A main focus of recent educational reform projects which is particularly promoted by the OECD PISA study and the “New Public Management Paradigm” is the use of regular assessment and test-based accountability measures in schools and education systems. Assessments and accountability are exceptionally prone to educational reform, as they are relatively inexpensive and can be externally mandated. Thus, if PISA and similar testing projects would have the potential to influence national education policies, we should be able to observe this impact particularly in the area of accountability and assessment practices. However, systematic empirical evidence on changes in the prevalence and purposes of assessments is scarce. In this paper, we describe national evaluation and monitoring systems in education and their change in implementation over time. Particularly, we aim to assess, whether there are changes in the levels and purposes of accountability.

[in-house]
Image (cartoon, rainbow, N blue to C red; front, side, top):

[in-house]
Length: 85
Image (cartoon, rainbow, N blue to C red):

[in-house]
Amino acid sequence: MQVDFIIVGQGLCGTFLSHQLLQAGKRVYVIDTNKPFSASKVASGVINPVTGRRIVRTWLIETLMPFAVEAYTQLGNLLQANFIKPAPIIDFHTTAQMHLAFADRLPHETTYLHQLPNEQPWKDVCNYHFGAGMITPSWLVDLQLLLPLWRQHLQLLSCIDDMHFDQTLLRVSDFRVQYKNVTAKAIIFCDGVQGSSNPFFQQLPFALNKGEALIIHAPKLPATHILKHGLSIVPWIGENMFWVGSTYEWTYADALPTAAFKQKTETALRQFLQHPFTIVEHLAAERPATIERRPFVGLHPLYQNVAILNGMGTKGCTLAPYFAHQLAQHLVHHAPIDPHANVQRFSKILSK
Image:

Our analyses include all items focusing on assessment and accountability practices (collected with the school questionnaires) from PISA 2000 onwards to the most recent PISA 2015 database. We limit our analyses to OECD countries since most of them participated in every PISA data collection. Based on the availabe items, we generate indicators of evaluation and monitoring systems of the respective countries by aggregating the data at the country level, and group them according to theoretical considerations. Thereby, we show how the development of evaluation systems over time can be analyzed with data from several PISA waves.
Our findings show that of 22 indicators which have been measured at least two times, 21 show a trend of decreasing heterogeneity across countries, as the (relative) standard deviations decreased. As regards to the average prevalence, all but two indicators show increasing values. Thus, there is a clear trend of increased assessment, evaluation and accountability – and less variation across OECD countries. Link zur Homepage